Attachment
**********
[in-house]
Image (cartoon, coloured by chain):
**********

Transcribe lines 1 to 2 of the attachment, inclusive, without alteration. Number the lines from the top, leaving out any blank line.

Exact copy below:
[in-house]
Image (cartoon, coloured by chain):